Bible Readings for April 7th
The holiness of God is awful and terrible—not in the sense of being “bad,” but in the sense of commanding great fear, dread, and reverence. One of the great sins of modern Christians is that we take the holiness of God too lightly, over-emphasizing God’s grace and love to the point that his holiness vanishes altogether.
In Leviticus 10, Nadab and Abihu offer up some kind of unauthorized fire on the altar of God, possibly after imbibing wine or strong drink (Lev. 10:9). This defilement of Yahweh’s altar and his holiness provokes him to consume Nadab and Abihu with fire, proclaiming, “Among those who are near me I will be sanctified, and before all the people I will be glorified” (Lev. 10:3). Notice that Yahweh insists on a special kind of responsibility for those who are “near” to him. Those who enjoy the special privilege of Yahweh’s presence are held to a higher standard than those who are not.
The Hebrew word for “unauthorized” (zarah) is a word that occurs in the Bible primarily to speak of the things that are not allowed into the presence of Yahweh. Zarah is the enemy of holiness. So, offering unauthorized fire had been explicitly forbidden in Exodus 30:9, and later in Numbers, one of the main jobs given to the non-priestly Levites is to encamp directly around the tabernacle to prevent unauthorized people (zûr, another form of zarah; Num. 1:51) from coming too near to Yahweh—with lethal force, if necessary.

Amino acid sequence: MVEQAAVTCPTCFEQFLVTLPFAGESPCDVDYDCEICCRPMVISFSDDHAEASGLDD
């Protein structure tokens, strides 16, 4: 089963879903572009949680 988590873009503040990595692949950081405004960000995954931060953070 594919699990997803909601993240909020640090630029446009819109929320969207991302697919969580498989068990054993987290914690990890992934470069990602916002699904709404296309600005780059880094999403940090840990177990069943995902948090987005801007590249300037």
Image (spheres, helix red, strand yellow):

In the New Testament, Hebrews 10 interprets the significance of Leviticus 10 for us today. First, the author of Hebrews tells us that as Christians, we enjoy the high privilege of being called to “draw near” to God through Christ, all the way into the presence of his holiness (Heb. 10:19–22), just like Nadab and Abihu. Still, he warns us that if we go on sinning deliberately after receiving a knowledge of the truth about Jesus, we stand in terrifying expectation of judgment of God’s holy “fury of fire” (Heb. 10:26–27).
These passages aren’t about losing salvation but about the kind of hardness of heart of someone who goes on for a long period of time hearing the word of God preached, participating in the prayers of the people of God, and even receiving the sacraments of baptism and the Lord’s Supper without ever actually believing, only to fall away completely in the end.
For such a person, the author of Hebrews concludes with this dire warning: “It is a fearful thing to fall into the hands of the living God” (Heb. 10:31). Take stock of your heart and your life: Do you rest in the protection of the righteousness of Jesus Christ with full assurance of faith, or are you in danger of falling into the judgment of the living God?
Scripture quotations are from The Holy Bible, English Standard Version copyright © 2001 by Crossway Bibles, a division of Good News Publishers. Used by permission. All rights reserved.